Dry Firing With Snap Caps
- Snap caps are simulated spring loaded simulated rounds with a spring primer that can absorb the force of the firing pin so you can test fire a weapon without damaging parts. If you look at a clear one, you can see the spring running down the center from where the primer would be on a real bullet. They’re excellent training tools for your handgun.
- Snap caps are a great way to practice your trigger squeeze. Trigger squeeze can be a difficult part of firing a gun. Doing it wrong that can throw off your aim entirely. Many people flinch as they fire, and tend to jerk the trigger rather than squeeze it (‘slap’ rather than ‘press’). Even if you have your target sighted perfectly, a bad trigger squeeze can lead to you missing it completely.
- Your trigger squeeze should be smooth and gentle, not jerky and forceful. It starts with a relatively light amount of pressure that increases until you can (in this case) feel the firing pin hit the false primer of the snap cap. This is another drill that begins slowly, with practice allowing you to pick up the pace while maintaining the correct motion.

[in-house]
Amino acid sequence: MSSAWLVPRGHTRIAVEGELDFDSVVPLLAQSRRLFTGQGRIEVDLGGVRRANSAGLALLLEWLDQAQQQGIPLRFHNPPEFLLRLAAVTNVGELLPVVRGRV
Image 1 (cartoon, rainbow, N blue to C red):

- Dry firing with snap caps in will instill the muscle memory that is easily forgotten when firing live rounds. You’ll be able to break yourself of bad flinching or trigger slapping habits, making it that much easier to hit your target when you want or need to.
- For drawing and reload drills, snap caps can also add a bit of weight while staying safe. There’s a lot difference between a loaded and unloaded magazine, which will affect your aim, your grip, and your muscle fatigue after repeated drills.
- Snap caps are a good way to practice loading and unloading your weapon with “ammo” in the mix. You’ll be able to see what the ammunition is doing. For tactical reloads, you’ll see a round flying out when ejected (if you have decent quality snaps caps; some are cheap and will not eject as easily).
Practice, Practice, Practice
Even when weather or time mean that the range isn’t a viable option, you can still do these handgun drills at home. They’re great for muscle memory that you’ll need in competition, on the range, or in a dire emergency.